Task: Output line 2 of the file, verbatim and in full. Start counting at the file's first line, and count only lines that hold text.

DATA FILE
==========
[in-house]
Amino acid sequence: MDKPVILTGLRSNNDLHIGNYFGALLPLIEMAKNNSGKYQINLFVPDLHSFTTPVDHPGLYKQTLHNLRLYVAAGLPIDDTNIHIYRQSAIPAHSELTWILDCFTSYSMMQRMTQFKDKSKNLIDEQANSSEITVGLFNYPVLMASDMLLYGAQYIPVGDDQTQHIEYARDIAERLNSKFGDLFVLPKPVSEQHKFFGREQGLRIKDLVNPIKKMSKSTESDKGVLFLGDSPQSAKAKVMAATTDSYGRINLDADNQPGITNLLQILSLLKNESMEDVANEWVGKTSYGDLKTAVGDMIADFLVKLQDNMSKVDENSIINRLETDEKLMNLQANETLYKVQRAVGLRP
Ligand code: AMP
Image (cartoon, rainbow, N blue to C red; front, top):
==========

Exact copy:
Amino acid sequence: MDKPVILTGLRSNNDLHIGNYFGALLPLIEMAKNNSGKYQINLFVPDLHSFTTPVDHPGLYKQTLHNLRLYVAAGLPIDDTNIHIYRQSAIPAHSELTWILDCFTSYSMMQRMTQFKDKSKNLIDEQANSSEITVGLFNYPVLMASDMLLYGAQYIPVGDDQTQHIEYARDIAERLNSKFGDLFVLPKPVSEQHKFFGREQGLRIKDLVNPIKKMSKSTESDKGVLFLGDSPQSAKAKVMAATTDSYGRINLDADNQPGITNLLQILSLLKNESMEDVANEWVGKTSYGDLKTAVGDMIADFLVKLQDNMSKVDENSIINRLETDEKLMNLQANETLYKVQRAVGLRP